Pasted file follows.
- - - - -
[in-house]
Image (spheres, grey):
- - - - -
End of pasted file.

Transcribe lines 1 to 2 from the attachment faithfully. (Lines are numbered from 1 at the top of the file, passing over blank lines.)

[in-house]
Image (spheres, grey):